The number of coronavirus cases has risen to more than 80,000 worldwide and has caused over 2,700 deaths. The deadly Covid-19 virus has started to spread faster in Europe with parts of Italy now under quarantine and there are confirmed cases in the US.
What is happening to the stock markets?
The US stock market recovered in early trading on Wednesday with steady rises.
The coronavirus outbreak had caused the worst two-day losing streak on Wall Street in two years.
The tech sector had been among the worst hit because certain companies rely on global sales and supply chains that could be stifled by the spreading coronavirus.
On Wednesday, tech companies led the way in stock increases with a 1.5 percent rise for Microsoft and a 1.8 percent surge for Adobe.
Italy saw a 45 percent increase in confirmed coronavirus cases in 24 hours.
There are concerns in Italy that the outbreak could cause Europe’s fourth-largest economy to tip into recession.
The men and women’s Six Nations matches between Italy and Ireland in Dublin have been postponed for public safety reasons.
Elsewhere in Europe, new Covid-19 cases were confirmed in Austria, Switzerland and Spain, while France confirmed its second death on Wednesday, and Greece confirmed its first case.
On Wednesday, the pan-European Stoxx 600 provisionally closed slightly below its flatline, trimming some earlier losses.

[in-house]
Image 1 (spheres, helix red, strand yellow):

Stocks in leisure and travel performed the worst by dropping more than two percent.
Travel stocks and airlines suffered on the FTSE in London, with holiday firm Tui and low-cost carrier easyJet declining for a third day in a row.
British drinks giant Diageo has warned the virus has cost the company £200 million this year because demand for the likes of their Gordon’s gin and Captain Morgan in Asia has dropped.
Jasper Lawler, head of research at LCG, said investors were rushing for the exit as “nobody’s willing to ‘catch a falling knife’’.
He said: “We’ve now had two seismic daily declines on global stock markets.
“Short-term traders may well choose to grit their teeth for a short-covering rally, but we’re getting the impression institutional investors are materially reassessing their outlook for stocks.”
Russ Mould, investment director at AJ Bell, said: “The correction for equities reflects the reality that the impact of this outbreak is likely to be far-reaching and lead to pressure on companies’ revenue and earnings.”